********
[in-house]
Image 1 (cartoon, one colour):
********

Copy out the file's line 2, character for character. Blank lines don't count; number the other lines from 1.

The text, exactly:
Image 1 (cartoon, one colour):